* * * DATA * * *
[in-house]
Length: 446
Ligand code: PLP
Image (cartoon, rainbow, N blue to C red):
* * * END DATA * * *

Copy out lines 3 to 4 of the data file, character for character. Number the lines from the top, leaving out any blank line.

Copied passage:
Ligand code: PLP
Image (cartoon, rainbow, N blue to C red):